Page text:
Of course, every small business is unique in its size and needs. But how many employees does a small business have? To get an idea, we asked Hello Alice owners to share about their specific team sizes, considerations in hiring, and tips for scaling. Here’s what they each had to say on the following topics.
How many employees did your small business have when you started?
Of the three small businesses we talked to, the number of employees at launch greatly varied with responses ranging from two employees to sixty two.
Diamond Brown of Diamond’s Body Care started with just herself and two freelance social media managers. At the time, she had formulated her bourgeoning skincare line herself from home to soothe her husband’s sensitive skin during his chemotherapy treatments.
Meanwhile, Jaja Chen and her husband started their bubble tea shop Cha Community as a pop-up at the local farmer’s market in Waco, Texas. To get started, they recruited five friends to work as contractors before investing in a mobile truck and hiring their first general manager and further expanding the business from there.
By contrast, Russell Jackson started with sixty two employees at Harlem-based restaurant Reverence. If that sounds intimidating, know that Russell is an experienced restauranteur. In fact, Reverence is his 7th establishment so he had ample experience to manage a bigger team.
How many employees does your small business have now?
Being several years into their small business, some small business owners chose to scale their teams while others preferred to maintain the same number of employees.
Diamond Brown has opted to maintain a small and efficient team. These day she works with a production assistant and a social media manager. The production assistant works in the lab. “Her duties include labeling bottles, blending products, inventory, and shipping orders,” Diamond explains. Meanwhile, her social media manager also works on brand strategy for growth.
On their part, Cha Community has grown to include a team of twenty four employees total over the past three years. After investing in a mobile truck they went on to build out storefronts and expand with a food concept pop-up. Jaja’s husband Devin works as the CEO while Jaja acts as Chief of Strategic Initiatives & Business Partnerships.
Their team also includes a six person leadership team including:
- Brand Manager
- Operations Manager
- Store Managers
- Food Production Manager
- Special Events & Catering Coordinator
Additionally, they have sixteen team members who work as:
- Shift Leads
- Food Team Members
- Cha-ristas (their term for baristas)
Last but not least, Reverance has maintained the same size staff while scaling their operations based on the business needs.
Advice on Hiring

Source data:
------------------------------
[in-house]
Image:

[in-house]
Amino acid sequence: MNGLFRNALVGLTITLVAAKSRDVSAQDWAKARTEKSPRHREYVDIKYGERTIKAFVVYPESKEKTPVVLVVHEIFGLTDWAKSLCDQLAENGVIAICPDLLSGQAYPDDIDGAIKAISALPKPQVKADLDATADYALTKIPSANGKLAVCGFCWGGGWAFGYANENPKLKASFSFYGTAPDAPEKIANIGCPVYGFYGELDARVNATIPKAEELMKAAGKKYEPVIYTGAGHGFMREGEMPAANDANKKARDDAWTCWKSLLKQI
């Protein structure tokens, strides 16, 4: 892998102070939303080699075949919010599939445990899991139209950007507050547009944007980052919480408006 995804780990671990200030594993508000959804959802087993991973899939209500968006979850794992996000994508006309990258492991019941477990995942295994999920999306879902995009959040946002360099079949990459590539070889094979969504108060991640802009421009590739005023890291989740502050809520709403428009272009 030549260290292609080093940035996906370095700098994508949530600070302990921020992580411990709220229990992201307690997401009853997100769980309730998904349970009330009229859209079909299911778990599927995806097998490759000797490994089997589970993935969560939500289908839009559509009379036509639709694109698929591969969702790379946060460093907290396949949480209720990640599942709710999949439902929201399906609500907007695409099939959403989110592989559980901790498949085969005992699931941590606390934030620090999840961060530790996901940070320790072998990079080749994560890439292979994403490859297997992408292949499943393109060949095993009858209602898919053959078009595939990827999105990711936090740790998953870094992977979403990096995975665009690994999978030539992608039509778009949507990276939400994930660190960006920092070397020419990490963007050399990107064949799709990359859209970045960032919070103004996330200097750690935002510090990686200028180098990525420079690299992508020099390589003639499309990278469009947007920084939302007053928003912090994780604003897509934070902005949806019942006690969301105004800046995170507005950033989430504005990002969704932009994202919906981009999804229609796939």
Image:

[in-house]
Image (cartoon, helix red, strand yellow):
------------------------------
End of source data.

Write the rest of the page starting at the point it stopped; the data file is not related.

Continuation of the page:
When it comes to hiring, Diamond cautions to look beyond a first impression. “A person can interview well and have a nice resume,” she says, but this may not reflect the whole picture. For this reason, you may consider checking references and in-depth interview questions when screening potential employees.
Jaja suggests working through your mission and values early on to factor into the hiring process. “For example, our mission is to bridge cultures and create community through premium boba and handcrafted dumplings,” she says. So when they look for team members, it’s not just for people with previous restaurant experience but those who are eager to work on a team and are passionate about diverse cultures.
Also, be sure to onboard new employees with care.
“The main lesson I’ve learned is you have to make sure your employee is trained properly,” Diamond shares. After all, everyone learns at a difference pace, she reasons. It’s also important to not just verbally affirm tasks, but to check in on their actions. “Test their skills and shadow them,” she recommends.
Similarly, “take your time,” Russell advises when it comes to onboarding. “Train honestly, deeply and transparently.”
Finally, Diamond encourages entrepreneurs to provide specific rules and processes in an employee handbook.
(For a complete guide to hiring employees for small businesses, check out these helpful guides.)
Managing a Team
As Jaja’s headcount has grown, she and her husband have learned to delegate. “We have had to move from doing everything on our own initially to delegating roles and tasks to managers,” she says. “This has been exciting but also initially nerve-wrecking.” However, it’s been an important transition that allows her to focus on strategic planning and leadership. Ultimately, she says, it has brought her joy to see the business scale and employees flourishing in new responsibilities.
Also, don’t forget to be intentional about team building. “Working in a healthy work culture and environment is something people all want to find,” Jaja says. “The time and energy you invest in your people is so worth it in the long haul.” To that end, she recommends hosting gatherings regularly or simply even recognizing birthdays.
Finally, remember that leading also means learning from your employees. “Be open to criticism and learn from your mistakes quickly,” Russell advises. “Be humble. And be willing to always work harder faster longer than anyone else.”